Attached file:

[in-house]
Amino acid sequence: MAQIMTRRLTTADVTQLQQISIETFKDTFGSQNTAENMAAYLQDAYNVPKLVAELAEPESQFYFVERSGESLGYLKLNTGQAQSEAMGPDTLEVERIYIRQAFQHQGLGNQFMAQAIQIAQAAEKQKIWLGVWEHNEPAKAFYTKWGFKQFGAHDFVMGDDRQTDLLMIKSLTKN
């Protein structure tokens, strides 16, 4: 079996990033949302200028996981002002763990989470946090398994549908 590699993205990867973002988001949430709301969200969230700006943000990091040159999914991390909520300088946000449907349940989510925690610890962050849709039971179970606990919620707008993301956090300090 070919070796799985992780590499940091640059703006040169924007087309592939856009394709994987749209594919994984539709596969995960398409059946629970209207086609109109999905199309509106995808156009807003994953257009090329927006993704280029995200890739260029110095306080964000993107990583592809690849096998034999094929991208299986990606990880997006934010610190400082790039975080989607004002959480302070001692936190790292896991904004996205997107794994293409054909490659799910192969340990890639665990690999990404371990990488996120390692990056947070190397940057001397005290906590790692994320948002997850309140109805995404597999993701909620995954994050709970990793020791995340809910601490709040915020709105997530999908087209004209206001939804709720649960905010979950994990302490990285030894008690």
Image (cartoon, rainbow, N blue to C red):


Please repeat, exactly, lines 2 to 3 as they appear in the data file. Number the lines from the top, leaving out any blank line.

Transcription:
Amino acid sequence: MAQIMTRRLTTADVTQLQQISIETFKDTFGSQNTAENMAAYLQDAYNVPKLVAELAEPESQFYFVERSGESLGYLKLNTGQAQSEAMGPDTLEVERIYIRQAFQHQGLGNQFMAQAIQIAQAAEKQKIWLGVWEHNEPAKAFYTKWGFKQFGAHDFVMGDDRQTDLLMIKSLTKN
């Protein structure tokens, strides 16, 4: 079996990033949302200028996981002002763990989470946090398994549908 590699993205990867973002988001949430709301969200969230700006943000990091040159999914991390909520300088946000449907349940989510925690610890962050849709039971179970606990919620707008993301956090300090 070919070796799985992780590499940091640059703006040169924007087309592939856009394709994987749209594919994984539709596969995960398409059946629970209207086609109109999905199309509106995808156009807003994953257009090329927006993704280029995200890739260029110095306080964000993107990583592809690849096998034999094929991208299986990606990880997006934010610190400082790039975080989607004002959480302070001692936190790292896991904004996205997107794994293409054909490659799910192969340990890639665990690999990404371990990488996120390692990056947070190397940057001397005290906590790692994320948002997850309140109805995404597999993701909620995954994050709970990793020791995340809910601490709040915020709105997530999908087209004209206001939804709720649960905010979950994990302490990285030894008690």